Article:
Pathlessness News 2008
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December 15: Competition
The 3rd PLN competition took place December 15 2008 at AFIL. It brought together about 10 participants mostly in TJQ (bare hand and sword forms) and Wu Shu. The competition took place in an atmosphere of positive attitude and constructive objectiveness. It seems that recent competitions are becoming more and more a means of formation rather than judging, an opportunity to evaluate the results of the work that’s been accomplished and take notes for future efforts.
A fuller account is published in our news;etter of Jan-Feb '09, but due to a glitch in the Matrix the results table did not make it into print. Here it is, therefore:
From the Judge's Desk:
November 28-29: Seminar
On the high mountains of Lebanon, in Bcharreh, Pathlessness members were greeted by a practitioner’s family to their home with garden for a seminar Entitled: Integration.
The cold weather required a raise in our vibration level and thus a set of breathing-peripheral-central practices took place. The Mantis form was taught, a form joining both internal and external styles, as part of the Integration.
Many energy interaction exercises happened: measuring our energy fields, one on one experimentations, energy defense mechanisms, and releasing energy from certain body areas that can be of help in injuries.
The conclusion was not to conclude rather to admit the mystery.
A full account including exercises is published in our newsletter of Jan-Feb '09.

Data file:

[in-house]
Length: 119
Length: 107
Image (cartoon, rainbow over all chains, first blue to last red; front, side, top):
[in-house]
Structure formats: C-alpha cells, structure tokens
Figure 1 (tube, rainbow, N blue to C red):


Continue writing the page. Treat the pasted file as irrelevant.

November 3-16: Championship
The 1st West Asian championship, in Bandar Abbas, Iran, was a crowning of our beloved instructor as he came in First, West Asian Champion in both barehand and sword routines with respective scores of 9.26 and 9.28. The Iranian federation, known for the quality of their training, also named him Athlete of the Championship.
October 16-19: Championship
The 2008 European championship took place in Poland
Avedis Seropian represented Lebanon at the Poland events in TJQ barehand and sword routines (with difficulty movements). Despite technical issues, he achieved a score of 9.02 for the first and 2nd place forthe second.
August 30-31: Seminar
We returned to Maasser el Chouf for a two-day program that included an early morning run of 4.2 km up to the cedar reserve, personalized feedback regarding our practice and needs, QiGong and external training.
A full account is published in our newsletter of Sept-Oct '08.
August 27: Competition
This competition was a rehearsal for the real one that would take place in December. Freestyle routines for TJQ and Wushu were tested, and much feedback was received from the Judge, to be corrected for next time. Common mistakes that were highlighted included rhythm and technical errors. performance was graded, to be compared the upcoming competition's grades, hoping there would be improvement and not deterioration!
August 17: Football!
A friendly competition took place between 12 PLN members divided into 4 teams: red, Green, Blue and White!
The detailed scores are published in our newsletter of Sept-Oct '08.
June 14-15: Seminar
The seminar took place at a summer house next to the beach. Its main focus of practice converged to modern day Wuhsu and TaiJiQuan difficulties including Jumps, power and squats, and balances. Thus both TJQ and Wushu athletes could benefit from a high level of conditioning.